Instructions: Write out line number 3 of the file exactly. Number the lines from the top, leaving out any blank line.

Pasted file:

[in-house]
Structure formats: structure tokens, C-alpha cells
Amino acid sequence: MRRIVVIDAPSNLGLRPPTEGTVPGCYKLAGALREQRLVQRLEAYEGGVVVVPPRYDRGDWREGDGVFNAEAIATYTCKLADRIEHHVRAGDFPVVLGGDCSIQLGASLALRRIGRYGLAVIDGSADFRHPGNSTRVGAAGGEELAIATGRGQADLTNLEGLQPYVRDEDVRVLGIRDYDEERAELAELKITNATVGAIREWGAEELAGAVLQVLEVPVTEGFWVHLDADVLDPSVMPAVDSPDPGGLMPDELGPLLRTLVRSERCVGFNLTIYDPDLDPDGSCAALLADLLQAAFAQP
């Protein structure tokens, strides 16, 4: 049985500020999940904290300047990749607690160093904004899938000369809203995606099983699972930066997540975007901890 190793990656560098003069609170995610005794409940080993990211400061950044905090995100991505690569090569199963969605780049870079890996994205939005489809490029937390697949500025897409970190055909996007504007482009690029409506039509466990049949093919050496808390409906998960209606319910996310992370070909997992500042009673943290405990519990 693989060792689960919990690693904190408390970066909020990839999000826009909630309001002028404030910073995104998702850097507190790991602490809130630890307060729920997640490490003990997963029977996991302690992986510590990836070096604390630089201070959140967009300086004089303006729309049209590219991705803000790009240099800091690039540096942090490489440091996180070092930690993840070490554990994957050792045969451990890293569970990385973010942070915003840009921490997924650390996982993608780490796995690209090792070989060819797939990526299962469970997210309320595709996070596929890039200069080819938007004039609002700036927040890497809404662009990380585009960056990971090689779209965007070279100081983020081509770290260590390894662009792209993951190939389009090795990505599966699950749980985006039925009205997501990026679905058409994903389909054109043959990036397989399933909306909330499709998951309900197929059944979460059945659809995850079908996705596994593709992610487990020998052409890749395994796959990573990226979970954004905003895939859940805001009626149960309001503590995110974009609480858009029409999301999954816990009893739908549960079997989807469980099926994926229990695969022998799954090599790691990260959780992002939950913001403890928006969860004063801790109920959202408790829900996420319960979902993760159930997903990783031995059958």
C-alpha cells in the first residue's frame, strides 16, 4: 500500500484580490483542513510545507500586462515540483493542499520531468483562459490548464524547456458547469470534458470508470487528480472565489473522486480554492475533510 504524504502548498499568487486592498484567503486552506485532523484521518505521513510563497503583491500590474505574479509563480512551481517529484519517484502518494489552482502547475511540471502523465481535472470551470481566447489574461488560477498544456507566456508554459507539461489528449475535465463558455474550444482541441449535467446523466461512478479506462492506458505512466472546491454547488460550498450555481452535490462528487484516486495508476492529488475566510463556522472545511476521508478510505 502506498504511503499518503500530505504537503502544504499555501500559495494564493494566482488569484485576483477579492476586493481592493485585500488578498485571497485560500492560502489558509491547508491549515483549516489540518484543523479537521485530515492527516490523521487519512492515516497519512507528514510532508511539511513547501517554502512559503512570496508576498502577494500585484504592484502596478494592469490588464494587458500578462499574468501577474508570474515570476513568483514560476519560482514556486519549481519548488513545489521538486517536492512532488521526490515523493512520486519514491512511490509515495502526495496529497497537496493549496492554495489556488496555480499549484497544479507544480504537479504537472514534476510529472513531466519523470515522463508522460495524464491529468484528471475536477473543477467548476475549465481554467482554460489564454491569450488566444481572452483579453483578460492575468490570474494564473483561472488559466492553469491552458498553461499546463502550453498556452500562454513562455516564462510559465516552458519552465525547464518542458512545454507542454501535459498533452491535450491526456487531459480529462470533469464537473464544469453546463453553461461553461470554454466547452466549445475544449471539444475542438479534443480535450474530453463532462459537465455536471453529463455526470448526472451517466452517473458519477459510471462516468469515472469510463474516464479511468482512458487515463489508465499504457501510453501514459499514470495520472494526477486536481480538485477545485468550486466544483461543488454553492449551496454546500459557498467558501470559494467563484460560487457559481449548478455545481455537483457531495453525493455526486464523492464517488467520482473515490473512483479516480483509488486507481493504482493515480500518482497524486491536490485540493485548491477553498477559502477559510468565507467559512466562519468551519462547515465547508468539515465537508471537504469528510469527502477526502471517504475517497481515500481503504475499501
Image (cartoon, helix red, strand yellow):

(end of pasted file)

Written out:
Amino acid sequence: MRRIVVIDAPSNLGLRPPTEGTVPGCYKLAGALREQRLVQRLEAYEGGVVVVPPRYDRGDWREGDGVFNAEAIATYTCKLADRIEHHVRAGDFPVVLGGDCSIQLGASLALRRIGRYGLAVIDGSADFRHPGNSTRVGAAGGEELAIATGRGQADLTNLEGLQPYVRDEDVRVLGIRDYDEERAELAELKITNATVGAIREWGAEELAGAVLQVLEVPVTEGFWVHLDADVLDPSVMPAVDSPDPGGLMPDELGPLLRTLVRSERCVGFNLTIYDPDLDPDGSCAALLADLLQAAFAQP